Not because it was a toxic death trap

But because I knew we might find something,

Something you’d been looking for.

And we would laugh at the candy wrappers, the moldy apple,

The discarded clothing, the random bits of paper with

Life scribbled on them, anguished life, raw life, devotion, angst

And dreams, scribbled on bits of paper.

 

I helped you clean your room

Because the hours spent with you were precious.

We talked and small traces of order would appear,

small traces of calm and pleasure, even though we knew

they were temporary. Your room, your life was meant

to be lived in, sometimes messy,  sometimes organized but

always uniquely your room,  your life.  And I was

always happy when you let me sit there with you. Always.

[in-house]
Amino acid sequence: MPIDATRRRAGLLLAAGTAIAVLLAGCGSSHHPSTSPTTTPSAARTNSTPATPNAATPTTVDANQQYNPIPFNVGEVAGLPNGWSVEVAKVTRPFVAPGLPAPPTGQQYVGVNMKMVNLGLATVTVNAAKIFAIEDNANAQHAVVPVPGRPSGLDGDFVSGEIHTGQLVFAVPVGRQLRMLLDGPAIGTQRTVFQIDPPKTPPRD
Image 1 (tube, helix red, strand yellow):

I helped you clean your room

And it was with the same strategy used in cleaning

My own room with its messes and secrets and disorganization.

My room never stayed clean either, but I always enjoyed making

It different.  I could always make a difference,  move the furniture,  clear the floor,

And feel fresh and renewed.   A messy room was just an opportunity, not an indictment.

I perhaps never told you these things, but I want you to know why

I helped you clean your room.

(A reflection on possible messages of shame, unwittingly communicated, deeply regretted)

 

Honor

Today I will think of all the spent hours of your life that translated into food for my body, clothing to cover me and as much security as you knew how to create.  Today I will consider that you started out as a teenage man with little instruction in family life, except that you grew up in a family yourself.  I will think about the times you changed your path and the uncertainty you must have felt as you searched for a better way to provide.  I will think about why you would fall asleep in your chair at the end of all those long days – not from laziness or drunkenness or escapism, but because you were physically exhausted.